Step-by-Step Guide, Antique China Cabinet Makeover!

#MondayMakeoversWithFallon

Welcome to #MondayMakeoversWithFallon!! I am so excited to get this going and look forward to providing you with great information while hopefully inspiring you along the way! Every piece of furniture is different, so most of the time the prep, painting and/or sealing process will be different. With that being said, make sure you take a look each Monday so you can learn and understand why I have taken different steps for each piece. I am self-taught, therefore I have spent countless hours and money experimenting over the years to figure out what works well and what doesn’t. That does not even include the long hours I have spent reading articles, information pamphlets and DIY books….and yes, this was before social media really took off, so I really had to learn the hard way. Lucky for you though, you don’t have to do that! You can tune in each week and learn something new without having to do all the things I did to get to where I am today!

Just so you know up front, I am going to include some affiliate links throughout my posts/blog. I hope that you will use my links so that I can continue to provide you with my knowledge at no cost to you!! Yes, this Momma has to put food on the table, but I sincerely want to provide you with as much great information as possible because I really do think it will be of value to you. So helping me in this area will help both of us!! Thank you in advance for this!

Alright, let’s get down to business! This black china cabinet is fresh in everyone’s mind since I shared it a little over a week ago, so I thought it would be a great way to kick off #MondayMakeoversWithFallon .  To the untrained eye this piece looks like it just needs to be lightly sanded and then you can start painting, but from a professionals point of view, “just a little sanding” is never good enough in my book. I want to do the best I can and know that I am giving my client’s the best refinished piece possible and I want the same for you! Here is the process I took for this specific piece:

THE PREP PROCESS:

  • I removed all of the hardware and placed it in a Ziplock bag so I wouldn’t lose any pieces

  • Removed drawer and inner shelves

  • Cleaned the entire piece with Mineral Spirits and a soft scrubbing sponge

  • Once the piece was completely dry, I sanded the outside and inside (any area that I was planning on painting) with 220 grit sandpaper. Since this piece was covered with veneer, I did not want to go any lower on my sandpaper grit. The veneer was in great shape and I did not want to take any chances and accidentally cause any scratches or imperfections with a low-grit sandpaper.

  • Vacuumed every inch possible (inside-and-out)

  • I then wiped down the entire piece with shop towels and Pre-Paint Krud Kutter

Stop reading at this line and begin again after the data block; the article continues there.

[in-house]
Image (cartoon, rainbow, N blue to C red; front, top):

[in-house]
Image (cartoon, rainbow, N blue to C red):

• That was just the top of the piece, now onto the legs! I used 120 sandpaper and hand sanded the two front legs. I sanded-and-sanded until the legs were raw.

  • Once all of the stain was removed I cleaned up the legs with the Krud Kutter I mentioned above and wiped them down really well

  • FYI: I would typically remove the glass before I start the prep work, but I could not remove this particular glass without tearing out all of the glue and nails, so I decided to work around it this time.

THE PAINTING PROCESS: I wanted to be 100% sure that none of the cleaning products I used were still active, so I waited 24 hours to make sure the chemicals had time to evaporate and dry really well before I applied my first coat of paint.

  • I used my Zibra Paint 2” Palm Pro and painted 3 coats of General Finishes Lamp Black on the entire piece

  • The next day I distressed the edges with 220-grit sandpaper

  • I then vacuumed the lose sanding dust and made sure the piece was completely dust free

  • Next, I sealed the piece with Hemp Oil and buffed it with shop towels to give it a smooth shine

  • I stained the two front legs with Nutmeg Gel Stain by General Finishes. I did one light coat of the gel stain, then sanded it down a little bit to go along with the distressed edges on the top of the piece

THE HARDWARE: The hinges were in nice shape so I kept them as-is. I changed out the pulls on the drawer with new ones from Hobby Lobby. The new pulls were two separate pieces. One was a textured glass knob and the other was a brown metal knob with a back plate. I could not find the exact brown metal knob that I used on Hobby Lobby’s website, but here are some other ones in case you want to try and find something that looks similar. Here is the textured glass knob that I used.

  • I removed the brown metal knob and replaced it with the textured glass knob to give the hardware a “wow” factor

  • I didn’t want the back plate to look like heavy brown metal since the glass is so delicate and shiny, so I sanded it down little bit with 220 grit sandpaper

  • I then brushed on some of the General Finishes Gel Stain that I used on the legs so it would blend nicely

  • Once the stain was dry, I highlighted some of the raised areas with a touch of gold to give it some depth and tie the whole piece together

Again, thank you SO much for tuning in this week for my first #MondayMakeoversWithFallon. If you want to save this blog post, make sure you pin it to your Pinterest page and/or feel free to share it elsewhere. I look forward being with you each Monday and don’t forget to tune in each Tuesday for my educating and inspiring #TuesdayTipsWithFallon!!

*Please note, this post does contain affiliate links.


Make sure you check out my other #MondayMakeover tutorials below!